One year ago, America came thisclose to electing its first female President. In the 12 months that have elapsed, we’ve seen a surge of women taking charge to make the government more representative of all Americans. Just one day after Donald Trump was inaugurated, millions of people flocked to cities around the globe to take part in the Women’s March. Members of Congress have faced overwhelming amounts of calls, letters, and emails from activists who want the legislative body to better represent their voices. And women at the state and local levels made huge strides on Election Day 2017—with thousands more pledging to run for office and take matters into their own hands come 2018.
As more and more women are trying to bridge the gender gap in politics at all levels of government—state, local, and federal—one organization is looking to give them the tools they need to successfully run. Emerge America trains Democratic women who want to run for office—and does so with an extensive six-month program that’s currently available in 23 states. Not long before the 2016 election, Emerge America surveyed just over 700 of their alumnae about what the biggest obstacles are for women hoping to run for office and recently released the report exclusively to Glamour.
Among the pool surveyed, 45 percent had actually run for office themselves and 60 percent of that subset had won their race, giving them a unique perspective on what these challenges are. For these former candidates, they were more likely to worry about how difficult it might be to hold office, whether or not they’d be taken seriously by voters or colleagues, and what it would mean if they lost the race—concerns that all make perfect sense for someone who’s run for office. Among women who had yet to run, their biggest hurdles primarily centered on a handful of persistent concerns: if the timing was right, how their income would be affected, if they could maintain a work-life balance, and whether they’d be perceived as lacking experience.
Not surprisingly, whether a respondent was a former candidate or a prospective one, the biggest fear they faced was the idea of men getting more opportunities than women, despite equal qualifications (in statistical terms: 89 percent of women who have run and 87 percent of those who haven’t said this was a fear).
But, in a brighter mark of solidarity between the groups, most women surveyed revealed that they had gotten into politics with the hope of impacting policy and making positive change. Of those who had made a bid for office, the primary reason for doing so was to improve their community (a total of 48 percent respondents agreed). Consider it a manifestation of the “if you want something right you do it yourself” principle—these women would see an issue (or numerous issues) in their communities and want to take the steps necessary to correct it. For 87 percent of women who had not run for office, a similar community-focused approach was a top reason for why they might one day throw their hat in the ring.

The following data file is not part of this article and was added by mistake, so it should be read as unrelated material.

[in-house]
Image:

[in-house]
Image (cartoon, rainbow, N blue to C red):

Now, these results may seem fairly straightforward when it comes to concerns about women running for office, but they can offer valuable insight into how we can get more women in politics. Step one: Acknowledge all the logistical issues that would-be candidates face—specifically, concerns about timing and their lack of prior political experience—and encourage them that they are capable of running. And for existing candidates, the study sheds light on what their needs are—like greater support networks and increased fundraising opportunities—and how they can be translated into successful campaigns.
Beyond this, the report identified that women who hope to run for office come from all walks of life—and the concerns of different demographics must be taken into account when preparing to run. For women of color, racial discrimination, class discrimination, fear of an invasion of privacy, and fear that they would not be taken seriously as candidates were major worries. LGBTQ women were five times more likely to be concerned about sexual orientation discrimination. And in terms of women young versus old, younger women were far more concerned about losing income, facing gender discrimination, and not being taken seriously as candidates.
“Women are motivated to improve the world around them, so it’s up to us to make politics a realm where they feel like they can channel their community involvement,” said Andrea Dew Steele, the president and founder of Emerge America. “It’s not surprising that so many women reported wanting to better their communities as the main reason why they ran or would want to run for office. When there are more women at the table, our local, state and national governments change for the better and put forth policies that more effectively serve everyone.”
“Right now, women only hold a little more than a quarter of political offices in the country, so more of our voices are desperately needed in our decision making bodies. If we want to build a reflective democracy and see policy outcomes that benefit a majority of Americans, we need more women to step forward, decide to lead us and run for office.”